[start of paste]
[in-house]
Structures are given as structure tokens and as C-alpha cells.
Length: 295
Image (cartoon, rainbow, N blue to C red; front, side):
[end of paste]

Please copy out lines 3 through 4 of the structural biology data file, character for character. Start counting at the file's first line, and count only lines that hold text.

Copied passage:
Length: 295
Image (cartoon, rainbow, N blue to C red; front, side):